Jeff Mann is the general manager of GoTriangle, the transit authority that’s been working to build a light rail line from Durham to Chapel Hill. He says the legislature’s cap on spending may not be enough to derail the project.

“We’re still evaluating what the provision would mean to the project,” says Mann. “Obviously it’s a hurdle that we would have to overcome, but we’re still looking at alternatives and evaluating what it means, so I’m not prepared to say now that it’s a project-killing provision, only that we will continue to evaluate funding alternatives and work hard to support the project, because we believe it’s vital to the region.”

Buried in the state budget released this week is a provision that would cap funding for light rail projects at $500,000 dollars per year, far less than the $138 million total transit planners had been expecting.

“[The project] was allotted that funding through the Strategic Transportation Investments Law, which scores projects through a data-driven process,” says Mann. “This cap that has been inserted in the budget would circumvent that process and not allow expenditures of that $138 million except for that small amount.”

Transit officials worry the cut in state funds could also jeopardize federal funding for the $1.6 billon dollar project.

“Projects such as this, that are funded through the Federal Transit Administration, typically are funded in a formula that’s 50 percent federal funding, 25 percent local funding, and 25 percent state funding,” says Mann. “So obviously it’s a concern if we don’t have the matching funds to match the federal 50 percent.”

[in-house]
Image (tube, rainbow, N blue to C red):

Just a day before the state budget was released, the Federal Transit Administration awarded GoTriangle $1.7 million to help plan development around light rail stops.

Despite the legislature’s spending cap, Mann says he’s committed to moving forward with the planning process and seeking other sources of funding if necessary.

“We want folks to know that we’re still working for this project. We think it’s the right project for the region. We keep evaluating alternatives for the project to move forward because we think its a vital project.”

The 17-mile light rail line is still in the project development phase. GoTriangle anticipates asking permission from the FTA to enter into the engineering phase early next year.

In the meantime, as transit planners assess their funding options, GoTriangle is preparing to host a series of public hearings on the recently-released environmental impact study that narrows down potential routes through Orange and Durham counties.

For a full list of those meetings, click here.